Rick Reuschel • RHP

45th in JAWS (70.0 career/43.8 peak/56.9 JAWS)

Teams: Cubs 1972-81, ’83-84 • Yankees 1981 • Pirates 1985-87 •Giants 1987-91
Stats: 214-191 • 3.37 ERA • 114 ERA+ • 3,548.1 IP • 2,015 SO
Rankings: 6x top 5 WAR • 6x top 10 IP • 5x top 10 K • 3x All-Star • 3x top 3 BB/9 • 3x top 10 ERA
Voting: BBWAA 1997 (1st, 0.4%)

In his time, almost nobody thought of “Big Daddy” in a Cooperstown context, but the portly 6´3˝ righty showed impressive staying power during his 19-year career and stacks up well in light of WAR. He spent most of his first dozen seasons with the Cubs, his strong run prevention under heavy workloads often going unnoticed amid mediocre won-loss records — he was 135-127 during his Chicago years — though a 20-10 1977 season did get some attention; he led the NL with 9.4 WAR and finished third in the Cy Young voting. A brief foray to the Yankees resulted in a trip to the 1981 World Series and a torn rotator cuff that cost him all of 1982 and most of ’83-84, but he resurfaced as a strong starter in Pittsburgh and then San Francisco, helping the Giants to two playoff appearances and the 1989 World Series in his age-40 season. BBWAA voters almost completely ignored him, and he’s unlikely to break through via committee, but he’s 32nd in career WAR, ahead of many no-doubt Hall of Famers.

Tommy John • LHP • Candidate

83rd in JAWS (62.0 career/34.7 peak/48.4 JAWS)

Teams: Indians 1963 • White Sox 1964-71 • Dodgers 1972-74, ’76-78 • Yankees 1979-82, ’86-89 • Angels 1982-85 • A’s 1985
Stats: 288-231 • 3.34  ERA • 111 ERA+ • 4,710.1 IP • 2,245 SO
Rankings: 6x top 5 ERA • 6x top 10 W • 4x All-Star • 4x top 10 WAR • 4x top 10 IP
All-time: 8th GS • 20th IP • 26th SHO
Voting: BBWAA 2009 (15th, 31.7%)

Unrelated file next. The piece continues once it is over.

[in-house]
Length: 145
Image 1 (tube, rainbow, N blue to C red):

John pitched more seasons in the majors than anyone except Nolan Ryan. That’s thanks to his role as the recipient of the most famous sports medicine procedure of all time, the elbow ligament replacement surgery performed by Dr. Frank Jobe in 1974 that is now named for John. His biggest years came after the surgery; from 1977-81, he placed in the top five in Cy Young voting three times, won 20 or more games three times and pitched in three World Series for the Dodgers and Yankees, though all on the losing side. Despite that modest peak, he’s more a compiler than a star. A groundballer who didn’t miss many bats (just 4.3 K/9), he had just four seasons of 5.0 WAR, and never led his league in any triple crown category. While he came close to 300 wins, he surpasses only Don Sutton’s peak WAR and Early Wynn’s career WAR among the 24 members of the 300 win club. Given that he topped out at 31.7% of the vote, you’d have to apply an extremely large bonus for the surgery to make the case that he merits enshrinement. Considered on the 2011 and 2014 Expansion Era Committee ballots, he’s up again in 2018, but the Hall’s decision to honor him in tandem with Dr. Jobe in 2013 may be as close as he ever gets.